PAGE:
The power to strike down Acts of Parliament is defined as the power to declare legislation invalid because it is unconstitutional. This paper will critically assess sections 3 and 4 of the HRA 1998 by defining them, reviewing case law surrounding their use, and by evaluating the powers that they give to the judiciary. By doing so, it will demonstrate that section 3 gives judges powers that are not significantly different from the power to strike down Acts of Parliament, whereas section 4 does not.
Section 3 of the Human Rights Act (HRA) 1998 provides that primary and subordinate legislation “must be read and given effect in a way which is compatible with Convention rights”. This provides judges the power to interpret and amend legislation so far as it is possible so that it is in accordance with Convention rights. There is no need for ambiguity in wording of the act to use section 3 and it does not affect the validity of the Act notwithstanding the Act being incompatible with Convention rights. There are limits on judges’ ability to use section 3 which restrict cases in which it can be used. First, section 3 cannot go against the grain of the fundamental purpose of the legislation in question. Second, judges can only go “so far as possible” when interpreting legislation. The means that judges are restrained by the plain words of the provision and cannot stray from it’s meaning so far as to completely amend it.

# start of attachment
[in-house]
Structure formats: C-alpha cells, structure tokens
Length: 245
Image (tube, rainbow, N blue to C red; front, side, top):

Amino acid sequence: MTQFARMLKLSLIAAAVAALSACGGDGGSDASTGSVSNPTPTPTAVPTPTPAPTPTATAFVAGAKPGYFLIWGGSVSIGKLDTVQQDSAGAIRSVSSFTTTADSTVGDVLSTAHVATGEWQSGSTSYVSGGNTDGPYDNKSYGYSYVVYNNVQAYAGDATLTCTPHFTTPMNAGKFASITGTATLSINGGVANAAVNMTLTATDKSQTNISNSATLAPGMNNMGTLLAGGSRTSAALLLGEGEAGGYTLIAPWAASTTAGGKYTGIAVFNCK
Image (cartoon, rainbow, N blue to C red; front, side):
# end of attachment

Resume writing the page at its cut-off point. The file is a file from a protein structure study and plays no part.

Next, section 4 of the HRA 1998 provides that if the court is satisfied that the provision is incompatible with convention rights, a higher court may issue a ‘declaration of incompatibility’ (DOI). A DOI does not strike down legislation or remove it from the statute book. It defers the issue of incompatibility to the government and Parliament, giving it the option to take remedial action. Parliament and the government have three options after a DOI has been issued. First, they can use the fast-track remedial procedure under section 10 of the HRA 1998. This allows ministers, where there is ‘compelling reasons’, to amend legislation without having to go through the lengthy parliamentary process. Second, Parliament can take remedial action by using the ordinary legislative process. This method is the most frequently used of the three, seeing that the first options requires ‘compelling reasons’ in order to use it. Finally, they can decide to take no action because Parliament is not bound by a DOI to amend legislation. According to Lord Irvine, “the [DOI] is very likely to prompt the government and Parliament to respond”. Also, complainants can take their case the ECHR after they exhaust domestic remedies; therefore providing an incentive to act once a DOI has been issued.
Section 3 Case Law
In R v A, section 41 of the Youth Justice & Criminal Evidence Act 1999 was found to violate Article 6 of the European Convention of Human Rights (ECHR) because it denied the Defendant’s right to a fair trial. Section 41 prohibited...